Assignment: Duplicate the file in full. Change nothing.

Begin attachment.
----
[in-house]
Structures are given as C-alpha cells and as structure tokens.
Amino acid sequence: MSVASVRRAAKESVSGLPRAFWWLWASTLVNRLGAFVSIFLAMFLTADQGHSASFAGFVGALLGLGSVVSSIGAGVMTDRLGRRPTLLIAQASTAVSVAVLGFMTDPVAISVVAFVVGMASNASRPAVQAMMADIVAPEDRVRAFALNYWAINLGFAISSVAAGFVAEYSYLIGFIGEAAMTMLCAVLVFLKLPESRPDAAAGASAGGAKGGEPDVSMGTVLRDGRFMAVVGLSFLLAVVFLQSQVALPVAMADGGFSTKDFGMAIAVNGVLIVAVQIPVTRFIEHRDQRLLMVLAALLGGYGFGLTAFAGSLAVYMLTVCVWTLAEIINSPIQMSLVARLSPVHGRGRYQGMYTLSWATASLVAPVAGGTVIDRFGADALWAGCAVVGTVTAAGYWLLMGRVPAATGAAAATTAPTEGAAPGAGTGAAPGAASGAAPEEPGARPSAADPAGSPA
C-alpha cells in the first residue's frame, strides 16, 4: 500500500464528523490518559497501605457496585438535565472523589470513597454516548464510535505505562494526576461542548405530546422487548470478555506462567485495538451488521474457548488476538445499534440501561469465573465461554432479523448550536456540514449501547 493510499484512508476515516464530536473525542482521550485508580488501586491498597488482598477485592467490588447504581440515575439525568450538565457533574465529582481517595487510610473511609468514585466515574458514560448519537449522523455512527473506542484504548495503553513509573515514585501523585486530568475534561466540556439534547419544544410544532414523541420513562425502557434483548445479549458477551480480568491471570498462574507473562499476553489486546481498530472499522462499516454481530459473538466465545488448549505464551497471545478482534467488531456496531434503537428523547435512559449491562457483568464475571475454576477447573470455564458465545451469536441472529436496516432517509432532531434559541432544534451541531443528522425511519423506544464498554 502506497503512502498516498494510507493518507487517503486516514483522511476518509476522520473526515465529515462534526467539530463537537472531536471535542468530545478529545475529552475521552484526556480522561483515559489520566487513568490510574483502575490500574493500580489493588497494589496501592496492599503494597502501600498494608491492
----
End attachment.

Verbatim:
[in-house]
Structures are given as C-alpha cells and as structure tokens.
Amino acid sequence: MSVASVRRAAKESVSGLPRAFWWLWASTLVNRLGAFVSIFLAMFLTADQGHSASFAGFVGALLGLGSVVSSIGAGVMTDRLGRRPTLLIAQASTAVSVAVLGFMTDPVAISVVAFVVGMASNASRPAVQAMMADIVAPEDRVRAFALNYWAINLGFAISSVAAGFVAEYSYLIGFIGEAAMTMLCAVLVFLKLPESRPDAAAGASAGGAKGGEPDVSMGTVLRDGRFMAVVGLSFLLAVVFLQSQVALPVAMADGGFSTKDFGMAIAVNGVLIVAVQIPVTRFIEHRDQRLLMVLAALLGGYGFGLTAFAGSLAVYMLTVCVWTLAEIINSPIQMSLVARLSPVHGRGRYQGMYTLSWATASLVAPVAGGTVIDRFGADALWAGCAVVGTVTAAGYWLLMGRVPAATGAAAATTAPTEGAAPGAGTGAAPGAASGAAPEEPGARPSAADPAGSPA
C-alpha cells in the first residue's frame, strides 16, 4: 500500500464528523490518559497501605457496585438535565472523589470513597454516548464510535505505562494526576461542548405530546422487548470478555506462567485495538451488521474457548488476538445499534440501561469465573465461554432479523448550536456540514449501547 493510499484512508476515516464530536473525542482521550485508580488501586491498597488482598477485592467490588447504581440515575439525568450538565457533574465529582481517595487510610473511609468514585466515574458514560448519537449522523455512527473506542484504548495503553513509573515514585501523585486530568475534561466540556439534547419544544410544532414523541420513562425502557434483548445479549458477551480480568491471570498462574507473562499476553489486546481498530472499522462499516454481530459473538466465545488448549505464551497471545478482534467488531456496531434503537428523547435512559449491562457483568464475571475454576477447573470455564458465545451469536441472529436496516432517509432532531434559541432544534451541531443528522425511519423506544464498554 502506497503512502498516498494510507493518507487517503486516514483522511476518509476522520473526515465529515462534526467539530463537537472531536471535542468530545478529545475529552475521552484526556480522561483515559489520566487513568490510574483502575490500574493500580489493588497494589496501592496492599503494597502501600498494608491492